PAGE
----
The article reports that a number of presumably reputable banks and other businesses cooperate in the perpetration of misleading and sometimes fraudulent pre-acquired account marketing schemes. "A large number of consumers have complained to state attorneys general, the Better Business Bureau (“BBB”), and other consumer advocates that the preacquired account marketing practice is deceptive.71 The BBB alone has received thousands of complaints about Affinion Group.72....The companies themselves also receive large numbers of consumer complaints.

The Senate Committee investigation found that the companies “receive millions of calls every year from angry, frustrated consumers” who have discovered their enrollment, and wish to cancel their membership or challenge charges to their accounts.75 Customers contacting the companies “us[e] words like ‘fraud,’ ‘tricked,’ ‘deceptive,’ ‘misleading,’ ‘scam,’ ‘deceitful,’ ‘dishonest,’ ‘betrayed,’ and ‘robbed’ to describe their experiences.”76 Complaints at one referring seller rose to a level that an employee of the company described as “brutal and unprecedented.” State attorneys general have brought several lawsuits against some of the largest banks in the nation for their roles in preacquired account marketing schemes.78 The first suit against an account issuer was brought against U.S. Bancorp by thirty-nine state attorneys general.79 The suit alleged violations of federal and state laws for U.S. Bancorp’s sharing of bank account numbers and other personal financial data with preacquired sellers.80 State attorneys general also have brought Unfair and Deceptive Acts and Practices (“UDAP”) actions against the following account issuers for participation in preacquired marketing: Bank One (a multistate lawsuit involving twenty-nine states)81; Fleet Mortgage;82 Citibank (a multistate lawsuit involving twenty-eight states);83 Sears;84 and Chase Manhattan.85 State attorneys general enforcement actions against referring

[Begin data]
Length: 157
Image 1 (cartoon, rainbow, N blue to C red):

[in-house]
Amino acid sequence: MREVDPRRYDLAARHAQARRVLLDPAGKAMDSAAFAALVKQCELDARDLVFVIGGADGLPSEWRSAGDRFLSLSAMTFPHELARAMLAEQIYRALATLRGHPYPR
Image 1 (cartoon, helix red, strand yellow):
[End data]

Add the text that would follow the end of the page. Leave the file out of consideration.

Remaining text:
sellers engaged in preacquired marketing include cases against Tick-etmaster, Time,86 and, more recently, AT&T.87 The Federal Trade Commission (“FTC”) has also filed lawsuits against numerous referring sellers engaging in preacquired marketing with Triad Discount Buying Services.

88 Companies involved in the FTC matter included the following: Premier Club Services, L.L.C.; Premier Marketing Services of America, L.L.C.; Residents Resource Network, L.L.C.; and the Shoppers Edge, L.L.C., among numerous others.89 State attorneys general have repeatedly filed enforcement actions against many preacquired sellers as well. These include cases against Damark (now Provell, Inc.),90 Blitz Media, Inc.,91 BrandDirect Marketing, Inc. (a multistate lawsuit involving the Washington and Connecticut attor-neys general),92 MemberWorks and its successor Vertrue,93 and Trilegiant (a multistate lawsuit involving sixteen states).94"..

The law review article concludes that regulation is needed to curb pre-acquired account marketing. Based on what I've learned through my experience and a little research individuals are well advised to: